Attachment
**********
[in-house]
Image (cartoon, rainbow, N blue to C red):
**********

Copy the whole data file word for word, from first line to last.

[in-house]
Image (cartoon, rainbow, N blue to C red):